Of all the questions I am asked as a deep-sea biologist, the hardest to answer is “why conserve deep-sea hydrothermal vents?” Sure there are the classic canards of economics (vents produce valuable minerals) and biotechnology (vents house unique organisms that may produce useful pharmaceutical or technological products) but these are hollow, belie a conservation ethic driven by human selfishness, and pander to an exploitative system. Beyond those lie a series of high minded, though vague, ethics about preserving biodiversity, protecting unique habitats, and understanding an ecosystem more alien than any science fiction story before destroying it.
Our global society is coming around to the idea that biodiversity is valuable in its own right, that species are precious, and that we have a duty to minimize the damage we inflict upon the world. We still have a long way to go, but the wind is in the sails and the ship is coming about. Despite this growing environmental ethic, the tragic reality is that before 1977 we didn’t even know hydrothermal vents existed and if every vent community was wiped from the face of the seafloor, few outside of a handful of fortunate scientists and deep-sea enthusiasts would notice.
So why conserve deep-sea hydrothermal vents?
My answer to that question is not the only answer, and it is probably not the best answer. It is informed by my philosophy of fatal optimism: the changes occurring on our planet, driven by human growth and exploitation, are largely inevitable, and, while we should do all we can to restrict the damage we are causing and restore that which can still recover, we are also in the midst of the largest and most fascinating experiment ever conducted, and the ways in which life adapts to the new world we are constructing will be terrifying and beautiful.
In conservation, we often talk about the destructive power of the human race, and for good reason. Our capacity to destroy is awesome beyond measure, but it is exceptional only in its magnitude. We are not alone in the pantheon of selfish species; all living things act in their own self-interest. We are simply the best at it. Contrary to the myth of balance in the natural world, ecosystems exist in a constant flux between expansion and collapse, as organisms compete for dominance over limited resources, and all resources are limited.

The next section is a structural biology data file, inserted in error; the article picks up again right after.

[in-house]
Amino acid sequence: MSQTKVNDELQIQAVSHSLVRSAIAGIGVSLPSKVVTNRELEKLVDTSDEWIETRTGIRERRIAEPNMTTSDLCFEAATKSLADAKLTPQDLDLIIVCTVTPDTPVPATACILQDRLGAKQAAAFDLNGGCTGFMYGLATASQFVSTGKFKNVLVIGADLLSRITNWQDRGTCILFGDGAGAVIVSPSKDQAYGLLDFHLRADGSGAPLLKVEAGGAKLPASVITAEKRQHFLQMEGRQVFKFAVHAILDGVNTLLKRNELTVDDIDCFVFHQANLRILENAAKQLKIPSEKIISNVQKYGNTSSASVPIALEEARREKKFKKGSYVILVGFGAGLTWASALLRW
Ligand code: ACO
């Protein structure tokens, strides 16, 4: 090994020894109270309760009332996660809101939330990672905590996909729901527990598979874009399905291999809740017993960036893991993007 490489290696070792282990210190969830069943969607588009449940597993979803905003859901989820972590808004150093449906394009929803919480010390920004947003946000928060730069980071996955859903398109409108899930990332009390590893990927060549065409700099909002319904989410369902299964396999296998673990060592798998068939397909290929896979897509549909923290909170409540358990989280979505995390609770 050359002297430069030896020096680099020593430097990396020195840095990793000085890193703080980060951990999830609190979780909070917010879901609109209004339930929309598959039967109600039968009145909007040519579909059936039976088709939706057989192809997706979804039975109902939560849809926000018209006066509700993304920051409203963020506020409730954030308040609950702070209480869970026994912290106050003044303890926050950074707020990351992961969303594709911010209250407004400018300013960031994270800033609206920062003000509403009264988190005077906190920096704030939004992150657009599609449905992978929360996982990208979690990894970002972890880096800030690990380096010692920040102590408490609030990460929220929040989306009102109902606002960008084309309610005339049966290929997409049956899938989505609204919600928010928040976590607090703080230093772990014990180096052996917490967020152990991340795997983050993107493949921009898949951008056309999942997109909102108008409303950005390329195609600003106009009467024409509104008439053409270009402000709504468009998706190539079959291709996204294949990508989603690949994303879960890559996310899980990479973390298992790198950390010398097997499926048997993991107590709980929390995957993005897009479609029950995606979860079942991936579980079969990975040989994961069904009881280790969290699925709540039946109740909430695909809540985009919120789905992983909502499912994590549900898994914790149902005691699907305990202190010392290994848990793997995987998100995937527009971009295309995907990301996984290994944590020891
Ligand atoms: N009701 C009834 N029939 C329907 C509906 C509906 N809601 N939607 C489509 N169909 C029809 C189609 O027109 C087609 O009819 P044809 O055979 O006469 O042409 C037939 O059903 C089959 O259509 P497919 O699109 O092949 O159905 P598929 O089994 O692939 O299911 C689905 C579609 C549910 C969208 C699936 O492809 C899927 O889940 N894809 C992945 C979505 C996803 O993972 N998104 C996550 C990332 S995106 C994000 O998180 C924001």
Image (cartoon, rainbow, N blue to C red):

What makes us truly unique is not our ability to destroy, but our ability to conserve. No other species in the history of the planet has recognized the inherent value in another species, not as a resource, food source, or substrate, but simply as another living organism. No other species has expended its own resources, its own precious energy, to protect another, simply for the sake of the other species existence. No other species has ever planned and implemented an initiative to bring a species back from the brink of extinction. As certain as humanity’s ability to destroy has driven countless species to extinction, it is our unique and, frankly, unnatural desire to preserve and protect species and ecosystems for purely altruistic reasons that defines us.
There are myriad ways life on this planet could come to an end, but only the thoughtful ape, Homo sapiens sapiens, can save it.
And that brings us back to deep-sea hydrothermal vents. In the icy darkness of the deep ocean, beyond the region where 19th century explorers thought no life could flourish, communities, driven by the chemical energy produced by the earth’s mantle thrive. Contrary to popular references, they are not independent of sun light, but rather, indirectly dependent. The oxygen produced by photosynthesis is ancient, taking up to 12,000 years to reach the sea floor, but it is a necessary component. These high biomass systems thrive off an energy source few imagined could exist prior to their discovery. They are enclaves of life so far removed from what we commonly recognize that the best description of these communities is alien.
They are detached from the rest of life, not completely, but enough. The vent ecosystem is patchy and subject to frequent and massive disruptions, it is lousy with heavy metals and toxic compounds. The vent itself may be radioactive. In short, the organisms that live there are tough and unlike anything you’ve ever seen.
And that is one reason hydrothermal vents matter. They have the potential to be survivors. It is unlikely, but not inconceivable, that either through human activity or from extraterrestrial transgression, life as we know it could come to an end. The odds are minuscule, but not negligible. Because of that, if we are truly concerned about the continuation and propagation of life, not just human life, we must maintain enclaves of biodiversity and we must play the odds by protecting those ecosystems that differ so wildly from our own that they could endure where others fail.